The band members did not speak from their breakup until 2008.[86] That August, former producer and mentor Jerry Finn suffered a cerebral hemorrhage and died.[87] The following month, Barker and collaborator Adam Goldstein were involved in a plane crash that killed four people, leaving them the only two survivors.[88] Barker sustained second and third degree burns and developed post-traumatic stress disorder, and the accident resulted in sixteen surgeries and multiple blood transfusions.[89] Goldstein's injuries were less severe, but less than a year later, he died from a drug overdose.[90] Barker's brush with death prompted him, DeLonge and Hoppus to meet that October, laying the grounds for the band's reunion.[91] The three opened up, discussing the events of the hiatus and their break-up, and DeLonge was the first to approach the subject of reuniting.[91] Hoppus remembered: "I remember [Tom] said, 'So, what do you guys think? Where are your heads at?' And I said, 'I think we should continue with what we've been doing for the past 17 years. I think we should get back on the road and back in the studio and do what we love doing.'"[92][93]

Reunion (2009–2014)[edit]

The first live performance of the group's reformation in 2009

After five years apart, the band appeared on stage together as presenters at the February 2009 Grammy Awards, and announced their reunion.[94] The trio embarked on successful a reunion tour of North America from July to October 2009,[90] with a European trek following from August to September 2010.[95] Barker, suffering from a fear of flying after his accident, travelled via bus domestically and in Canada, and by an ocean liner for overseas dates.[96] The recording process for Neighborhoods (2011), the band's sixth studio album, was stalled by its studio autonomy, tours, managers, and personal projects. DeLonge recorded at his studio in San Diego while Hoppus and Barker recorded in Los Angeles—an extension of their strained communication.[8][97] The self-produced album—their first without Jerry Finn since Enema of the State[51]—was released in September 2011 and peaked at number two on the Billboard 200;[98] its singles, "Up All Night" and "After Midnight", only attracted modest chart success. Pop punk was in a period of diminished commercial relevance,[99] and label Interscope—now their home after a series of corporate mergers[100]—was reportedly disappointed with album sales.[101]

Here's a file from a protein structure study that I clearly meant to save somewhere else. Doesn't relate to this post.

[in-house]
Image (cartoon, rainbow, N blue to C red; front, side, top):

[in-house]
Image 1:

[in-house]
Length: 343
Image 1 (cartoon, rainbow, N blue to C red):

Blink-182 performing in 2011

The band continued to tour in the early 2010s, "despite growing evidence of remaining friction" between the members, according to AllMusic biographer John Bush.[1] They headlined the 10th Annual Honda Civic Tour in North America in 2011 with My Chemical Romance,[102] and launched a 20th Anniversary Tour the next year. For that tour, the band played in Europe twice,[103] North America,[104] and Australia; drummer Brooks Wackerman filled-in for Barker, as he was not yet ready to fly.[105] Additionally, the trio pursued a tenth anniversary celebration of Blink-182 with a series of shows,[106] and played the Reading and Leeds Festivals; it was the band's fourth appearance at the festival and second headlining slot.[107] The band also parted ways with long-time label UMG,[100] self-releasing their next project, Dogs Eating Dogs, an EP.[108] DeLonge's final performance with the group was at the Wine Amplified Festival in Las Vegas, Nevada, on October 11, 2014.[109]

This initial reunion of the band has been characterized as dysfunctional by both Barker and DeLonge.[110][111] Hoppus commented on this era of the band in a later interview: "Everything was always very contentious. There was always just a strange vibe. [...] I knew there was something wrong."[111] In his memoir, Can I Say, Barker claims DeLonge's behavior on tour was "introverted" until "money started coming in," after which "he'd get excited about Blink." He states DeLonge abruptly quit sometime in mid-2014, and re-joined the following day.[112]

DeLonge's second exit and Matt Skiba era (2015–2021)[edit]

Blink-182 performing in San Antonio, Texas, in July 2016

The group planned to begin writing their seventh album in January 2015,[113] which had continually seen delays.[114] "I'd do interviews and I just felt awful for fans because they were promised albums for years and we couldn't do it," Barker later said.[111] A record deal with independent service BMG was finalized[111] and sessions were booked before DeLonge's manager informed the band he intended to spend more time on "non-musical activities" and indefinitely depart the group.[115] In his own statement, DeLonge remarked that he "Never planned on quitting, [I] just find it hard as hell to commit."[116] For the rest of the 2010s, DeLonge focused on his company To the Stars... Academy of Arts & Sciences full-time, devoted to investigating UFOs.[117]

Hoppus and Barker decided to continue on without DeLonge, and enlisted Alkaline Trio vocalist/guitarist Matt Skiba to "fill in" for three shows in March 2015.[118] Hoppus and Skiba had been wanting to work together musically for several years, so he was the first and only person considered for the role.[119] After legal battles with DeLonge were worked out, Skiba joined Blink-182 as an official member and began preparations for new music.[120] The resulting album, California, was produced by John Feldmann, the group's first new producer since long-time collaborator Jerry Finn.[121] Upon its July 2016 release though BMG, California became the band's second number-one album on the Billboard 200, and first in 15 years;[122] it also topped the charts for the first time in the United Kingdom.[123] Its lead single, "Bored to Death", became their biggest hit in years, marking their third domestic chart-topper on the Alternative Songs chart.[124] Both the single and album became their first gold-certified releases in over a decade, with the LP earning the band their first Grammy Award nomination.[125] The band supported the album with a large headlining tour across North America between July and October 2016,[126] and a European leg in June and July 2017.[127] A double-disc deluxe edition of California was issued in 2017.[128][129]